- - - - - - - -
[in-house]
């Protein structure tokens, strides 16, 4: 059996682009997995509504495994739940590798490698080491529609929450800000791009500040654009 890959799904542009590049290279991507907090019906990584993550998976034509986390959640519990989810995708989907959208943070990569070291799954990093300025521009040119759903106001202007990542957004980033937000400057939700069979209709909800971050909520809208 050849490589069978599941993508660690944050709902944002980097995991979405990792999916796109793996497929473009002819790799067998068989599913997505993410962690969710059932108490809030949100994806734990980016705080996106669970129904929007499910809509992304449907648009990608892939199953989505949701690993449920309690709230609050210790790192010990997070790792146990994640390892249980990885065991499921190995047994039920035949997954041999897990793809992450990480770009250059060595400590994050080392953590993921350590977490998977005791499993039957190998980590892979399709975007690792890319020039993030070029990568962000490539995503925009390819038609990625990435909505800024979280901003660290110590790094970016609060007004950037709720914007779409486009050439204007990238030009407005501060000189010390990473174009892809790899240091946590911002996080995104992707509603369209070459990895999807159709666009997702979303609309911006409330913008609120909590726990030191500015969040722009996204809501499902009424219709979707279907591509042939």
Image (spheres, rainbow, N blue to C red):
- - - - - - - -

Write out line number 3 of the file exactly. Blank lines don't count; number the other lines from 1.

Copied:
Image (spheres, rainbow, N blue to C red):